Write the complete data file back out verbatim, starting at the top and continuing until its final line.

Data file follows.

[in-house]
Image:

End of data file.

[in-house]
Image: